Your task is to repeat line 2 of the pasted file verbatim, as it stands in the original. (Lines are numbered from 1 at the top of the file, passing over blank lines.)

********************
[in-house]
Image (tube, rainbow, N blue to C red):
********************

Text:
Image (tube, rainbow, N blue to C red):